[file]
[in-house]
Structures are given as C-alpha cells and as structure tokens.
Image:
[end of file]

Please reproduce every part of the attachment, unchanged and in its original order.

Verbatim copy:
[in-house]
Structures are given as C-alpha cells and as structure tokens.
Image: